Abuse of MPs hitting unprecedented levels, says Met police chief – The Guardian

Posted May 9th, 2019 in brexit, harassment, news, parliament, police, statistics by tracey

‘Criminal abuse and harassment of MPs are running at unprecedented levels, reflecting “polarised opinions” in the aftermath of the Brexit vote, Britain’s most powerful police officer told a parliamentary committee on Wednesday. The warning from Cressida Dick, the Metropolitan police chief, was accompanied by official statistics showing that the number of crimes committed against MPs had more than doubled to 342 in 2018 from 151 the year before.’

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The Guardian, 9th May 2019

Source: www.theguardian.com

Police call for change to ‘outdated’ protest laws after MPs threatened over Brexit – The Independent

Posted April 25th, 2019 in brexit, demonstrations, news, parliament, police, public order by tracey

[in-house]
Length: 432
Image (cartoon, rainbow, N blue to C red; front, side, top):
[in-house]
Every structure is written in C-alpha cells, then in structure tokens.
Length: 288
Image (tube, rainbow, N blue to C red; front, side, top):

‘A senior police officer has called for the government to change “outdated” protest laws amid a rise in threats against MPs. In the wake of protests by the UK “yellow vests” and other Brexit-related groups stationed outside parliament, Metropolitan Police commander Adrian Usher said officers were struggling to enforce current laws.’

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The Independent, 24th April 2019

Source: www.independent.co.uk

David Howarth: Westminster versus Whitehall: Two Incompatible Views of the Constitution – UK Constitutional Law Association

Posted April 11th, 2019 in brexit, constitutional law, ministers' powers and duties, news, parliament by sally